The southernmost of the Queen Charlotte Islands in British Columbia is reminiscent of the local traditional hunting and fishing culture of the North American Haida Indians. The former village was abandoned in the 19th century.
Anthony Island: facts
|Official title:||Anthony Island|
|Cultural monument:||on the island formerly known as Anthony Island, today under the indigenous name »Skung Gwaii«, the abandoned village of Nunsting in the 19th century with the remains of 10 cedar houses and 32 totem poles, the former center of life for 300 Haida people|
|Country:||Canada, British Columbia|
|Location:||Nunsting (Skung Gwaii), on the southern tip of the Haida Gwaii (archipelago of the Queen Charlotte Islands), north of Vancouver|
|Meaning:||outstanding example of an indigenous hunting and fishing culture in North America|
Anthony Island: history
|around 5000 BC Chr.||evidence of settlement on the Queen Charlotte Islands through finds of wedge cores and cuttings|
|1774||Visit by Juan Pérez Hernandez|
|1778||Visit of Captain James Cook on his third trip around the world|
|around 1880||Nunsting gave up, the last 25 residents left the village|
Faded totems on a deserted island
Lonely, the rough coast of the remote, narrow island of Skung Gwaii defies the Pacific tides in Gwaii Haanas National Park. The words “Gwaii Haanas” from the Haida language caress the archipelago of well over a hundred mostly uninhabited islands, which extend on the southern tip of the archipelago of the Queen Charlotte Islands as “islands of wonder and beauty”.
The abandoned Haida village of Nunsting on Skung Gwaii is one of the most impressive historic Indian sites on the Pacific coast. Decades-old, weather-beaten totem poles document the legacy of an important culture of the North American natives as silent, upright witnesses of the times. According to pharmacylib, on the Pacific coasts of Canada and Southeast Alaska, especially in the Haida settlements, the free-standing stakes served not only as decorations, but above all as status symbols. Their ornate carvings point to their ancestors and legends; Stylized animal figures such as ravens allow conclusions to be drawn about the ancestry of the Haida in question. With the help of European tools, this art of totem carving reached its peak in the second half of the 19th century.
The ancestors of the Haida settled the Queen Charlotte Islands several millennia before our modern era. They fished the rich salmon population and extracted the rot-resistant red cedar wood from the lush rainforests for building canoes, totems and longhouses, the traditional residential buildings. The ideal living conditions on the Pacific coast favored the establishment of permanent settlements, which is one of the reasons why these shores were the most densely populated areas of Canada before the arrival of the first Europeans. In view of the dense, inaccessible forests in the hinterland, the settlements were always on the water, on the island’s only transport artery.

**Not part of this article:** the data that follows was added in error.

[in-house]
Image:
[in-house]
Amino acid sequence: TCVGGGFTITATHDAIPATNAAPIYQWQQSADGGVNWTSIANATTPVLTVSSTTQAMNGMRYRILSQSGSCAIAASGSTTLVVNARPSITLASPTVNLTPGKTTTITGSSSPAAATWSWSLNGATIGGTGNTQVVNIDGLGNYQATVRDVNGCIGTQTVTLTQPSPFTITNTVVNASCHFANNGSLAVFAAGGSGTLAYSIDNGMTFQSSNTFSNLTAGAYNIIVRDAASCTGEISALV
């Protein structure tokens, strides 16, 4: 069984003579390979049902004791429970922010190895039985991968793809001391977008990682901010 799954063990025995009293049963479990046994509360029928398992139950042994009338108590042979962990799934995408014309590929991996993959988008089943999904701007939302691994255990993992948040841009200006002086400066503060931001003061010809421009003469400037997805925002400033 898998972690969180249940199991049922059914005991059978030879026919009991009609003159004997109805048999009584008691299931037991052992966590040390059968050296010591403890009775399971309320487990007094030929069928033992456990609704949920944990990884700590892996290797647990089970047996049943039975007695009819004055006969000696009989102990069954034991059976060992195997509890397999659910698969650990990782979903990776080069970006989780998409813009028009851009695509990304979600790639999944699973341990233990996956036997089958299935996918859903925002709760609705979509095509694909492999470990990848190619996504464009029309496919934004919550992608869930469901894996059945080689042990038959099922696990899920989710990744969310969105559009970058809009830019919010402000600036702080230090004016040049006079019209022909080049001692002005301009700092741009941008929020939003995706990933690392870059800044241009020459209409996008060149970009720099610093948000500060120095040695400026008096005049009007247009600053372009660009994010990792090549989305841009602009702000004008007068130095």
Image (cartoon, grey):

Nunsting was settled by the Haida for around 2000 years. Shortly after the first European exploration of the Pacific coast, European seafarers and traders reached the islands in the North Pacific on their first voyages at the end of the 18th century. The trade was profitable and Nunsting flourished. But again and again there were bloody clashes between Indians and fur traders, which mainly claimed numerous victims among the Indians. They got rid of diseases that were brought in, against which the Haida had no defenses. In the period that followed, the number of villagers fell more and more, before the last of them turned their backs on the island for good at the end of the 19th century.
After the first contact with the whites, the “First Nations”, as the North American natives call themselves today, were confronted with the demise of their culture. Displaced and driven into economic dependency as a result of the settlement pressure of immigrant Europeans, it met the fate of a neglected minority without political influence for decades. For several years, however, the “First Nations” have confidently insisted on their traditional land rights, some of which have now been recognized by the Canadian federal government. Outwardly, the newly awakened self-confidence of the indigenous peoples of Canada is documented in the enforcement of formalities: The name of the South Moresby National Park was changed to “Gwaii Haanas National Park”, and Anthony Island was renamed “Skung Gwaii”. However, the administrative reforms carried out had a much more lasting effect: Gwaii Haanas is now under the joint supervision of the Haida tribal council and the Canadian national park administration. If you want to visit the islands, you first have to take part in an introductory event, at which the dangers of tourism for the ecology and the historical settlements are explained. Access is carefully regulated to protect nature and cultural sites so that future visitors can get an unadulterated impression of the lonely wilderness islands.